Bulgaria to Press Charges Against Libyan Police Officers in HIV Infection Case
February 1, 2007
A Bulgarian senior prosecutor on Wednesday said the country within four months will bring charges against 11 Libyan police officers for allegedly torturing five Bulgarian nurses into confessing to allegedly intentionally infecting hundreds of Libyan children with HIV, Reuters reports (Reuters, 1/31). The five nurses and a Palestinian doctor in May 2004 were sentenced to death by firing squad for allegedly infecting 426 children through contaminated blood products at Al Fateh Children's Hospital in Benghazi, Libya. They also were ordered to pay a total of $1 million to the families of the HIV-positive children. The Libyan Supreme Court in December 2005 overturned the medical workers' convictions and ordered a retrial in a lower court. A court in Tripoli, Libya, last month convicted the health workers and sentenced them to death. The health workers say they are innocent of the charges, claiming that they were forced to confess and that they were tortured by Libyan officials during interrogations. The European Parliament on Jan. 18 in a resolution called on European Union member states to review their trade relations with Libya and to urge the country to release the medical workers (Kaiser Daily HIV/AIDS Report, 1/30). A Libyan court in June 2005 acquitted nine police officers who had been charged with torturing the medical workers and forcing them to confess (Kaiser Daily HIV/AIDS Report, 6/9/05). Sofia, Bulgaria, prosecutor Nikolay Kokinov said the charges would allow him to begin a judicial investigation, which could lead to a trial. "After completing the necessary police investigation, we believe there is enough evidence proving a crime," Kokinov said. Othman al-Bizanti, a Libyan lawyer representing the five nurses, on Monday said that the nurses have been accused of slandering the police officers with the torture claims and that they will be questioned on Feb. 11. Bulgarian chief prosecutor Boris Velchev said the slander charges are "an obscenity," adding, "The evidence that we have points out that the nurses were indeed tortured. Nobody in Bulgaria has any doubts about that." Trayan Markovski, coordinator of the nurses' Bulgarian defense team, said the questioning on the slander charges is a "good opportunity for the truth to be heard in Libya" (Simeonova, AFP/France 24, 1/30).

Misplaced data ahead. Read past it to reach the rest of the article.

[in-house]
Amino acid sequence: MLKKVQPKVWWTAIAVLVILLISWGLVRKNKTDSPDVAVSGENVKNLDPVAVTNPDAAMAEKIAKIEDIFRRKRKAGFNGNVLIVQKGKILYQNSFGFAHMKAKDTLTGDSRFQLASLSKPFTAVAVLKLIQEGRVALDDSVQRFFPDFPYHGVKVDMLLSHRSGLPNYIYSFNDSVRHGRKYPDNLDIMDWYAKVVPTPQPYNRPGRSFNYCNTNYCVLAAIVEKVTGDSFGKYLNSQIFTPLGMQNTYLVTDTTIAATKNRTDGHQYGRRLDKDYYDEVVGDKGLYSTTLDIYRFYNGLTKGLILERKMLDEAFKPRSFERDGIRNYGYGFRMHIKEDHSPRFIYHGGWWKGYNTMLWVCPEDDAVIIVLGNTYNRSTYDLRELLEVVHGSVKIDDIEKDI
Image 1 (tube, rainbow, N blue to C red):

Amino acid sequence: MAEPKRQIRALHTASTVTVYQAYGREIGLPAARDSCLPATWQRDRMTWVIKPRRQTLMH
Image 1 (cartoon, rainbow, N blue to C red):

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This article was provided by Henry J. Kaiser Family Foundation. It is a part of the publication Kaiser Daily HIV/AIDS Report. Visit the Kaiser Family Foundation's website to find out more about their activities, publications and services.